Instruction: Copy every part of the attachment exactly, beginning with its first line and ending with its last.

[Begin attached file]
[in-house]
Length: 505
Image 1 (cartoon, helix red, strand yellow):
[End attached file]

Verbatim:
[in-house]
Length: 505
Image 1 (cartoon, helix red, strand yellow):